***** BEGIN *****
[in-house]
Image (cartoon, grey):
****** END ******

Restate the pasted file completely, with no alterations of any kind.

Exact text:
[in-house]
Image (cartoon, grey):